Software engineering, just like any kind of engineering, is a discipline which involves many informed, planned compromises—a surprising amount of "economizing".
The task of optimizing software—that is, minimizing its resource requirements within an effort budget allocated toward this purpose—is a classical example in which economic realities of software development were early recognized by the pioneers our our discipline. Thus we have Knuth's adage that "premature optimization is the root of all evil". Reasonably, as performance engineers we should focus our efforts on those areas that (after measurement) consume most resources, rather than waste time on following personal hunches about imagined "best practices". One might describe this process as "top-down", or strategic, optimization. First use measurement tools to identify the critical areas and the big decisions that affect performance (such as algothmic complexity), then fix the identified problems.
The top-down optimization approach works very well in most cases, but sometimes it fails. That is because some performance problems are incremental and combinatorial in nature. Rather than being located in only a few critical areas of code, a low-hanging fruit for a trained performance engineer, they turn out as pervasive issues - where performance suffers "death by a thousand cuts", not due to some grand ommissions, but due to universal cumulative neglect.
Recognition that such systemic problems do exist and that they are a lot more difficult to deal with than local bottlenecks should make us think again about the dangers of the popular, easy-going "make it work, make it right, make it fast" approach to software engineering (or should we say, software prototyping?)
In other industries serious opposite viewpoints already exist that treat quality as an emergent property of products. Historically, mastery in any craft has always involved paying relentless attention to every detail throughout the process of crafting and construction. as opposed to post hoc economizing and extinguishing of only the most critical problems. In that respect, recall-and-repair, also a form of "late improvement", is a practice more related to modern mass production. Not by coincidence, mass production works best where discerning patrons or purchasers are also replaced by relatively hapless consumers onto whom manufacturers may shift some of their production risks in exchange for a lower price (or higher profit). High-end, highly customized products seldom benefit from such conditions.
Incidentally, paying attention to detail is also something that is psychologically natural for individuals who understand and love developing software, and a source of personal pride and motivation (sometimes it also degenerates into hair-splitting; as always, you can have too much of a good thing). At heart of what I call bottom-up optimization approaches is a conviction that a flawless final product can only be a result of combining flawless components withing a flawless process, a core belief that superior quality pays off in a myriad ways, not excluding immaterial rewards from feeling of accomplishment. It is a conviction which most software engineers accept quite readily when it comes to considering functional correctness of their products. Nobody would use a buggy standard library or consider fixing its bugs as either "premature" or "evil". However, possibly due to overemphasizing and misinterpretation of Knuth's wise statements by some lesser capable minds, the same level of attention to detail is rarely spent on designing software performance (except in systems in which hardware costs cannot be shifted onto users or poor performance translates into incorrect execution; or in systems with such great competition that inadequate performance translates into lost sales or operational losses on hardware).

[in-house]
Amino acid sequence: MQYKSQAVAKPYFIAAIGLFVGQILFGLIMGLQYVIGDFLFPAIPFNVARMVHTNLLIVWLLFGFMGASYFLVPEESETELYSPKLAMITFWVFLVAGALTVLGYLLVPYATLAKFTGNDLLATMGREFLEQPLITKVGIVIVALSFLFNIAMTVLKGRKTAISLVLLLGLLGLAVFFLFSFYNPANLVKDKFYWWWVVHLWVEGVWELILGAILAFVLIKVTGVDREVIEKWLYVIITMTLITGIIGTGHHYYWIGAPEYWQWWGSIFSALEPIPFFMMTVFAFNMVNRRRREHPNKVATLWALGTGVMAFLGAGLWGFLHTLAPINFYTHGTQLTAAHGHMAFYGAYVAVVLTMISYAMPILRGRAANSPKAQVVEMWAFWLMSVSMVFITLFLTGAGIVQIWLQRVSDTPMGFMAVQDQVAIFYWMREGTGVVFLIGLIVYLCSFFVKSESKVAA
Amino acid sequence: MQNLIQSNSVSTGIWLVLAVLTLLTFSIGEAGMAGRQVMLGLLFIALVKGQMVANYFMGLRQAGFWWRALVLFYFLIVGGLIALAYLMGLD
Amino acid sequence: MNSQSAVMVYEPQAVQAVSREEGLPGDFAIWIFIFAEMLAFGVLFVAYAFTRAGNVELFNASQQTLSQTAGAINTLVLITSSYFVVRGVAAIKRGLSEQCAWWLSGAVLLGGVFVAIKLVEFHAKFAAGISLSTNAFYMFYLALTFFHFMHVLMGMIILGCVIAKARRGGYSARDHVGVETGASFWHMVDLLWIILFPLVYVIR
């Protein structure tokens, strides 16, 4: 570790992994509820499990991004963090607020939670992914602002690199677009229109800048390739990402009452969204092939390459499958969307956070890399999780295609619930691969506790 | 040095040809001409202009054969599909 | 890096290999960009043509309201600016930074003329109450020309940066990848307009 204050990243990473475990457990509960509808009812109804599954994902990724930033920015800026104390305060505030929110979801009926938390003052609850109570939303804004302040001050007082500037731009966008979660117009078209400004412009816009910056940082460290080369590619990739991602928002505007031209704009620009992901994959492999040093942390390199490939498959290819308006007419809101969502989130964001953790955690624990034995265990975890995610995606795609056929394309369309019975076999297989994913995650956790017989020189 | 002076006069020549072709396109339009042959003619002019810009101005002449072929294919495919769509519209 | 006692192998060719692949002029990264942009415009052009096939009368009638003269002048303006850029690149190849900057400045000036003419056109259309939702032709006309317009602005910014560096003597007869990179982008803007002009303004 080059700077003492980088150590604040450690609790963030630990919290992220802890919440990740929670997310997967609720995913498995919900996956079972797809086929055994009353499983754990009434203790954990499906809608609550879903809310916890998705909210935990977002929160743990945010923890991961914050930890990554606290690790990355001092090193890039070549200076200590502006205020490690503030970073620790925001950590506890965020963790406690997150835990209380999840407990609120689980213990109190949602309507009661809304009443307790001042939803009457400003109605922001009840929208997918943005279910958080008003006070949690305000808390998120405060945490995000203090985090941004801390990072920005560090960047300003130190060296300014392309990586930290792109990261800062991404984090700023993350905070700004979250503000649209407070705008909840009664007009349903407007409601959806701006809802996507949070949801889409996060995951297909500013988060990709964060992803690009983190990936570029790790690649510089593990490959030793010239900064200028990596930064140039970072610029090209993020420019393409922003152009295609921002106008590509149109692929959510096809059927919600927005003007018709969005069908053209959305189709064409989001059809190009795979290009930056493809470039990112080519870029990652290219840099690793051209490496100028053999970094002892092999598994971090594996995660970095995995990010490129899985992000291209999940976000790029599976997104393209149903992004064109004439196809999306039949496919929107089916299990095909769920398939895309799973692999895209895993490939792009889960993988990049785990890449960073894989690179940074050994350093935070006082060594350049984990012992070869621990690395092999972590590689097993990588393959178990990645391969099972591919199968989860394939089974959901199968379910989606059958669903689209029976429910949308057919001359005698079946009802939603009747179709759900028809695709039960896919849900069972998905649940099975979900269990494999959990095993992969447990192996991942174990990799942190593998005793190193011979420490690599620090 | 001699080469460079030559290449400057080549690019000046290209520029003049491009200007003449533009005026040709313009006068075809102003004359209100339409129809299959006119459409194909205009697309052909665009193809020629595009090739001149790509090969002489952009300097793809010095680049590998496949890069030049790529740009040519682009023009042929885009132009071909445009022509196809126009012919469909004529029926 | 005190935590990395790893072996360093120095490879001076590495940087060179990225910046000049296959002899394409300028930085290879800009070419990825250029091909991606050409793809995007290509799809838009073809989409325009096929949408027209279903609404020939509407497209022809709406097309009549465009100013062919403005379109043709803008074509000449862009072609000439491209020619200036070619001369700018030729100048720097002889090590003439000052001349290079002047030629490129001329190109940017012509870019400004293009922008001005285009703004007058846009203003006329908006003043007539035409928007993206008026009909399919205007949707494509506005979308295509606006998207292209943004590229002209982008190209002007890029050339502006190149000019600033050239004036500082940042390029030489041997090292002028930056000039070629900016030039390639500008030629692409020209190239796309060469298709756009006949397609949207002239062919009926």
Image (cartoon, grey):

So what should we make of those divergent views on early and late, bottom-up and top-down optimizations? I think the key to striking the correct balance ultimately lies in understanding how value is created and destroyed within the software development process. It is a strategic mistake to focus your optimization efforts on those areas which are easy to measure (e.g. late profiling) while neglecting the difficult ones. On the other hand, it is a tactical mistake to waste effort on improvements of provably little consequence, especially while disregarding clear opportunity costs. But, as in any discipline, it takes some years of practice to reliably distinguish which kind of those mistakes you are making (of which even experts may disagree). Always optimize your bottom line—but understand first how many numbers stand above it and how they are connected.